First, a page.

Monday, April 20, 2009

Extreme Filipino Warriors cause the term "Leatherneck" and the introduction of the .45 Colt?

Summary: There are two rumors about the Philippines I often hear from Kali practitioners: Both the term "Leatherneck" and the introduction of the .45 caliber Colt are a result of highly aggressive and effective Filipino warriors. I've found some sources on the topics and will address these claims.
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The martial art of Kali (aka Escrima, Arnis) is said to have protected the Philippines from various foes: Spain, United States, Japan and others. The Southern Philippines, particularly the island of Mindanao is noted in history as being particularly problematic for enemies. While there is undeniable history surrounding these basic facts, there are some surrounding rumors that should be addressed.


I've had multiple Kali / Escrima / Arnis folks tell me that the origin of the term "Leatherneck", a slang term for a member of the United States Marines, comes from a band of leather worn by Marines around their necks to prevent cuts to the throat. The claim is that Moro and other Filipino warriors around or after the Philippine–American War were so routinely killing American Marines by cutting their throats that they adopted the leather collar to prevent this. Many sources (1,2,3) point to other reasons much earlier in history - all the way back to 1776. Reasons being "it prevented the neck movement necessary for sighting along a barrel" and "to protect the neck against cutlass slashes and to hold the head erect in proper military bearing". Most also say that the leather collar was abandoned before the Philippine–American War started and I have read nothing saying that it was ever resurrected. It would not surprise me if the military readopted this practice either formally or informally and it is not documented. It's also likely that some soldiers may have individually added this to their armor - practice still going on today. Regardless of whether it was or not, the evidence seems to predate US Marines in the Philippines.

.45 Colt (aka .45 ACP, .45 Auto)

List of the cartridges pictured: Left to right:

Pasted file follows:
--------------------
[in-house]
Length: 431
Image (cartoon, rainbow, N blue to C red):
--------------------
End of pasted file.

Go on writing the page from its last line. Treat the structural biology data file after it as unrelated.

1) 3 inch 12 ga magnum shotgun shell
2) AA battery (for size comparison)
3) .454 Casull
4) .45 Winchester Magnum
5) .44 Remington Magnum
6) .357 Magnum
7) .38 Special
8) .45 ACP
9) .38 Super
10) 9 mm Luger
11) .32 ACP
12) .22 LR
Kali people have also often told me that the Colt .45 (#8 in the photo) was also introduced as a result of conflict in the Philippines. The story usually goes something like: "The .38 Colt (#9 in the photo) was not powerful enough to stop them (Filipino warriors). Some were drugged, some were just determined to kill. Military members would shoot them multiple times, yet the warriors would continue to advance and, despite being wounded, get close enough to cut their throats anyway. The .45 was needed to produce adequate stopping power." I have found one source that backs up this claim. The time frames certainly match up. The .45 was designed in 1904 and adopted by the U.S. Army in 1911. The Philippine–American War war went from 1899 till 1902 and American occupation continued long after. The Moro Rebellion and other Philippine resistance movements continued for some time after the war and also into the occupation till at least 1913. The Philippines did not gain independence until 1946. The similar reasoning and time frame of the expanding bullet (or dumdum bullet) by the British seems to reinforce this claim as well.


The term "leatherneck" seems to come from an earlier time, but it isn't necessarily true that American soldiers did not wear leather collars during the occupation of the Philippines. The stories of the time before the Colt .45 (.38 calibers not strong enough to stop a drugged or determined Filipino) certainly back up why soldiers would wear it. This is probably why the stories are often told together.

History seems to point in favor of the Colt .45 legend.


Anonymous said...

Uh, the cartridges shown here are the .45ACP and the .22. The .22 is very different from the .38. I seems the editor is hyping the difference between the .38 and .45 by showing the incorrect cartridge.

Jesse Crouch said...

Thanks for pointing this out. I was aware that it was not a .38, but could not find a better photo for use. I have found one now. Both the photo and the article are now accurate.

Anonymous said...

the cartridges pictured and referenced are not correct. The article references a .45 colt but pictures a .45 ACP. The .45 colt is about the size of a .44 magnum. This cartridge was also used in during the Philippine Insurrection.

Additionally, a .38 colt is referenced, but a .38 Super is pictured. These are also 2 different cartridges. I believe that the 2 correct cartridges that this myth refers to is the .45ACP and the .38longcolt or the .38 special.

Anonymous said...

The moro used to wrap each other very tightly with cotton cloth. The reason was that when the bullet entered, it didn't blast out the back end. They weren't drugged, that's an ancient technique that they probably originally used for all sorts of conflicts from knives to arrows. The US needed a weapon that could drop the moro warriors where they stood. .45 Colt was the perfect round for just that.

Anonymous said...

The .45 acp was never used against the Moros. Old Colt Single Action Army revolvers were put back into service from the cavalry days. The ACP was later developed to replicate the.45 Colt's performance but in a cartridge that could be used in an automatic pistol, John Brownings model 1911.

Scott Crafton said...

The 12ga shotgun, 00 Buckshot, was also favored over the 38/40 Kraig (I thik that was the rifle used). There is the .45COLT (LONG COLT as some call it) and the .45ACP. Two different animals.

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